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Mexico Removes Duty on Gas Imports

Mexico Removes Duty on Gas Imports

Mexico last Monday lifted its 4% tariff on natural gas imported from the United States, the Energy Ministry announced. This clears the way for expanded gas sales by U.S. companies into the fast-growing markets in northern Mexico.

The decree eliminating the tariff was signed by President Ernesto Zedillo. It came a week after the U.S. Commerce Department rejected a petition brought by an Oklahoma-based group of independent producers to have tariffs assessed on crude oil imports from Mexico, Venezuela, Saudi Arabia and Iraq. The producers accused the foreign countries of dumping oil in the United States and driving them out of business.

The International Trade Association, a Commerce agency, dismissed the petition on Aug. 9th because it lacked adequate support from the domestic industry. Under law, at least 25% of the production in the affected region must back the petition for it to be accepted. Support for the petition was mostly confined to the struggling independent producers, while the major oil/gas producers and gas pipelines opposed it.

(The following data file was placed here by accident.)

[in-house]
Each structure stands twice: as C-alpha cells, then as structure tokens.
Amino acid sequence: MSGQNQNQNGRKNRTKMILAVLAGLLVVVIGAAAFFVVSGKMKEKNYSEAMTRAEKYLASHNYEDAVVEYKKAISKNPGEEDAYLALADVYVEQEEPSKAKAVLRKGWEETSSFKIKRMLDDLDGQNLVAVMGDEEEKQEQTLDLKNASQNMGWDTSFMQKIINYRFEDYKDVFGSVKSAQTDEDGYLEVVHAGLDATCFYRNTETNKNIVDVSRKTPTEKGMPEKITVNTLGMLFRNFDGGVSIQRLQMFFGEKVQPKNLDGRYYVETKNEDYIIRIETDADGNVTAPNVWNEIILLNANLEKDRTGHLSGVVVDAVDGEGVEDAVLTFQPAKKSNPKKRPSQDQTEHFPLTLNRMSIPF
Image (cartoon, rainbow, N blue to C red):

Although the producer petition primarily addressed oil, it had repercussions for the U.S. gas industry because Mexico - which had pledged to remove its 4% tariff on gas imports on July 1 - decided to put it on hold in retaliation. "...[I]f you hit somebody in one place, they're going to strike back in another," observed Allen Mesch, a professor at Southern Methodist University in Dallas, and expert on the industry.

"Mexico welcomes this decision by the Department of Commerce," the Mexican Embassy said in a press statement. The petition, which was filed by a group of producers called "Save Domestic Oil," contained "spurious and false" claims.

Had Commerce accepted the independent producers' petition, Mesch believes the immediate reaction would have been "hostility towards U.S. companies," which would have been reflected in reduced commercial opportunities. Moreover, he seriously doubted domestic producers would have seen any marked improvement in the price of oil as a result.

Susan Parker

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